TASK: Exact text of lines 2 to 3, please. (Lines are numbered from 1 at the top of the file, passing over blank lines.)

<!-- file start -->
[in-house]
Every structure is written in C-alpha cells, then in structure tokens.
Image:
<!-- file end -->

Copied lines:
Every structure is written in C-alpha cells, then in structure tokens.
Image: